Incidentally, I happened to have all of the ingredients on hand to make whole wheat pasta and a somewhat bastardized version of Mario Batali's mushroom ragu.
What I learned is that, once you have the pasta maker, the recipe for pasta is incredibly simple. It requires two ingredients: flour and eggs.
To make 1 1/4 lbs of pasta you need:
3 1/2 cups of flour [all purpose, whole wheat, or a combination]
5 large eggs
Make a dent in the mound of flour and crack all five eggs into the center of the mound. Then take a small whisk or a fork and whisk the eggs together.
Start working the outside of the mound of flour into the center to form a dough. Keep pushing the dough up against the wall of the mound. You'll need to knead the dough for about 10 minutes to get it to the "doughy" consistency.
Once the dough is fully incorporated, form it into a ball.
While the dough is resting, start making the mushroom ragu. To simplify things, I started with a jar of tomato sauce and "improved" on it by adding the ragu ingredients. Here's what you need:
- 1/2 yellow onion
- 1 pint of mushrooms, I used oyster mushrooms, but you could use shiitake, porcini, or any other mushroom of choice
- 1/2 cup of red wine (the golden rule is to pick a wine you want to keep drinking throughout the meal)
- cherry tomatoes
- 1 tablespoon of unsalted butter
- parmigiano-reggiano cheese
- a pinch of crushed red pepper
- salt & pepper
First clean the mushrooms by wiping them with a damp cloth. Although there is a fair amount of debate on this subject, I am from the school of thought that believes: whatever you do, do not run them under water to clean them.
Once the onions are softened and have turned a golden brown color, add the mushrooms and cherry tomatoes into the pan and saute until they are softened and slightly shriveled. This will take about 8-10 minutes.
For the tomato sauce base, Mario Batali recommends you make his simple tomato sauce. Since it was a weeknight, I decided to use Trader Joe's Arrabiata sauce, which has a little bit of a kick.
Add 1 cup of the tomato sauce, 1/2 cup of dry red wine, 1 tablespoon of butter, a pinch of crushed red pepper, and a sprinkle of salt.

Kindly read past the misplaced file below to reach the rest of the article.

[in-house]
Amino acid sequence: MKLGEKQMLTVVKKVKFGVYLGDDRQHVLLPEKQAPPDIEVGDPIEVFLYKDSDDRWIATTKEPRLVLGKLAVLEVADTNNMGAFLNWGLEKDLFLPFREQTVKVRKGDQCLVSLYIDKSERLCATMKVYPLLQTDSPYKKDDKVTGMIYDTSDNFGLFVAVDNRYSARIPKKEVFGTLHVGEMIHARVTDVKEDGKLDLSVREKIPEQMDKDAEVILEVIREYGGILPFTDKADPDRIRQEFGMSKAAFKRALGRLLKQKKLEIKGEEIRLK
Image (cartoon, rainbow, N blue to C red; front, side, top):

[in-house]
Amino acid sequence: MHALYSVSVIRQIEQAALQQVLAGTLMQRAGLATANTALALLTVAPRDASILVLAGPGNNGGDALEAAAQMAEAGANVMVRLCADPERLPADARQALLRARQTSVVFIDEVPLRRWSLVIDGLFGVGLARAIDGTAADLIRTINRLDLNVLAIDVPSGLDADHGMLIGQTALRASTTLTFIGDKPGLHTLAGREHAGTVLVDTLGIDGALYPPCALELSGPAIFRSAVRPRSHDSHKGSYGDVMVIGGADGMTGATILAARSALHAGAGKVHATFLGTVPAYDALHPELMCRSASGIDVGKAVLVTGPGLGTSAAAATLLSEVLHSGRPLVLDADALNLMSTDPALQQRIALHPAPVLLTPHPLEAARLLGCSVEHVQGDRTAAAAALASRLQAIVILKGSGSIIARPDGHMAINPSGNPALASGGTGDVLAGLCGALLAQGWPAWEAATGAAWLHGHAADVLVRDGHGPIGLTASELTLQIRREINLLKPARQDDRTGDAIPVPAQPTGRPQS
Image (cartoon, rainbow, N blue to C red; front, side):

Bring the sauce to a boil and then simmer until it reaches it reaches a thick consistency.
Right about the time the sauce is done, the dough should be ready to turn into pasta. Take the dough and roll it out with a rolling pin as flat as you can. Or you can improvise with can of salt ...totally okay.
Your pasta machine should be set to the main roller. Take a little bit of flour and dust the machine so the dough doesn't stick.
Slide the dough through the two rollers in the pasta machine to further flatten it.
It took about 5 times through the rollers, as well as various adjustments to the machine to reach the desired thinness of the pasta.
We broke the pasta into several smaller pieces to make a couple of very long flat sheets.
The pasta machine comes with several attachments to make various pasta shapes, including spaghetti and fettuccine. Once you switch the attachment, it's very easy to slide the sheets of pasta through to cut the pasta into fettuccine. Now is also a great time to bring a pot of water to a boil to cook the pasta.
Once the water is boiling, drop the fettuccine in and cook for 3-4 minutes. Then, use tongs and stir the cooked pasta into the mushroom ragu to evenly coat it in the sauce.
We served the mushroom ragu with simply steamed green beans and topped it with flakes of fresh parmigiano-reggiano cheese.
Even though this wasn't the quickest meal (it took about 1.5 hours start to finish), I thought it was well worth the effort. Next time, I'll probably try a mix of whole wheat and all purpose flour, but I wouldn't change a thing about the sauce. It was absolutely delicious!